What are metallicolous grasslands and plant interactions?
Metallicolous grasslands are plant communities developping on soils with high content of metal elements (copper, lead, arsenic, zinc, ect.). These habitats are either natural soils deriving from the weathering of rocks with high metal content or from old mine site tailings. Plant species occurring in these habitats are generally stress-tolerant species. These metallicolous grasslands are both exceptional in terms of biodiversity, as they are the result of tens or hundreds of generations of evolution in stressful environments, and in terms of rarity, as there is only a limited number of sites where they can be observed. They are also unique resources that could be exploited for the development of phyto-managment technologies including revegetation.
When plants are growing close to each other, they can have an effect either positive or negative on their neighbour. These plants are interacting. In mettalicolous species, present species are expected to be proned to positive interactions (i.e. facilitation), similar to other stressed environments (dry or cold for instance). Facilitation indicates that some metallicolous species, by their presence and development, can modify their surrounding environments allowing the mitigation of stress factors. Then development of neighboring beneficiary species is improved.
Objectives of this research axis:
The main aim of this research axis is to better understand several factors along metallic gradients in soils (from low to very high presence) including (i) functional strategies of plants (how these species grow, survive, reproduce in the studied environments), (ii) the importance and direction of plant interactions and their changes along metallic gradients, (iii) determine which species are associated as a result of facilitation, (iv) what the driving mechanisms of facilitative effects are. The anticipated results should help to propose solutions for ecological management of these habitats.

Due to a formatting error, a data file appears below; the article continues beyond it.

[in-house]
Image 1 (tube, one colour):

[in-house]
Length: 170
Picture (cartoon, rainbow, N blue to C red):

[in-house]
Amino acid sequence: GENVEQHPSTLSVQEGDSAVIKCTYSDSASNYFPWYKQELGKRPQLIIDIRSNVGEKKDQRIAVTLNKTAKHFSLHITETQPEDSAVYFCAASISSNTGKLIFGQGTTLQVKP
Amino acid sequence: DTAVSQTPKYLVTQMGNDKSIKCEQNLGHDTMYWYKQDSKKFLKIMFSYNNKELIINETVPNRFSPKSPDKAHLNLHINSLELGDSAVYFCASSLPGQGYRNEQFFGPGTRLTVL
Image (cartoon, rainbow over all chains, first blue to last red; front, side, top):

Methodological approaches are diverse. They combine: (i) measurements of plant functional traits to better characterize species strategies, (ii) observation of patterns of association among species and (iii) in situ plant interaction experiments. These different approaches are implemented in different sites of the Biros Valley, either at the mountain belt at the Bocard d’Eylie and the old Uretz’s ore-whashing plant (La Plagne site) or in the Chichoué area at the subalpine belt.
Richard Michalet, EPOC lab, Full Professor at University of Bordeaux.
David Nemer, EPOC lab, PhD student, assessing the influence of species provenances on their responses to plant interactions.
Hugo Randé, EPOC lab, PhD student, assessing the driving mechanisms of facilitation between species.
- Analysis of species strategies (Master 2 thesis by Valentin Mauro).
- Patterns of association in metallicolous species (Master 2 thesis by Nicolas Naulin).
- Common-garden experiment including metallicolous benefactor species and transplantation of potential beneficiary species in order to assess facilitative effects and importance of species provenance (first year PhD of David Nemer).
- First in situ experimentations on plant interactions (Master 2 thesis by Hugo Randé and PhD of David Nemer).